It’s like an avalanche. It just keeps going. In addition to 11 cameras located at rather strategic places, we also have eight tape machines inside the truck, so even if we are away for a commercial, we try to shoehorn in anything that we may have missed. We try to keep the coverage moment to moment and wall to wall and stop for nothing, covering every space that may occur.
How does this parade compare to the other six that you are the executive producer for?
Each parade has a different set of problems arising from the nature of the events. The Tournament of Roses sets the highest standard. The floral parade in Hawaii also has flowers on every float, but it also has the tropical atmosphere, the attractive girls, the colorful performers from different South Pacific islands. The Canadian parade features kids on every float and each float has a fairy-tale theme.
The primary attraction of the Macy’s parade is not on the ground at all, but in the air with the 65-foot balloons. No other parade has the balloons that are in the Macy’s parade. For that, we have cameras that are outfitted with double tilting heads and special lens to see the balloon against the sky, rather than have it turn black against the white sky. We gear for coverage of the balloons. We never miss a ballon. When we go to commercial, we record everything in sight.
The Cotton Bowl Parade has its own features. I like to think that the floats are not as important as the magnificent Texas bands, the choreography of the Kilgore Rangerettes. Even though I’m from New York City, I happen to be a horse fancier and that parade has the finest equestrian units in the country.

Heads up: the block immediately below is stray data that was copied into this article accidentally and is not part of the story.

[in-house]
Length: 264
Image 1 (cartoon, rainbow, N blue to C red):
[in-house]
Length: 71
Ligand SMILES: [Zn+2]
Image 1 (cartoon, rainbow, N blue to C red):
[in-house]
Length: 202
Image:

Every parade has certain things that are outstanding, but you are never ever going to see floats as beautiful, unusual and expensive as the Rose Parade.
How has TV technology expanded in the years that you have been producing the parade?
You have more facilities at your disposal. You have one-inch tape, instead of two-inch tape, you have more cameras, lighter weight, the cabling is easier. What we do is concentrate on the visualization of the parade to get it down to its simplest form. People who watch a parade want to see a parade. They want the best seat in the house. Our philosophy has been always, if the razzle-dazzle gets in the way of the best seat, don’t get rid of the best seat, get rid of the razzle-dazzle.
I can give you incident after incident, while we’re on the air, of people calling up and saying, “We want to see the parade. We don’t want to see this. We don’t want to see that.” Especially when there are moments when there’s nothing on the street making a musical sound and we try to embellish it with recorded parade music. People know that right away. There are people all over this country who can tell you what fife and drum corps plays what.
How would you describe the format for your parade coverage?
Our format for all our parades is, “Our CBS family coming to your family on a family day.” We use CBS stars that people see because we feel people identify with them and want to see them in a different role.
Some people at stations in Los Angeles accuse you of using the parade as a vehicle to promote CBS series.
I’ve heard that before. We do a show as we see it with our stars. If you want to call it promoting our series, I don’t think we’re really quite guilty of that. If you want to say we’re promoting our personalities, so people will get to know them in a slightly different light, I guess I would have to plead guilty to that. If you want to criticize us for that, you have to give us some credit for doing our homework. I’ll accept the first if they’ll admit to the second.
Coverage of the Rose Parade begins Wednesday at 8 a.m. on ABC, CBS, NBC, KTLA and KTTV.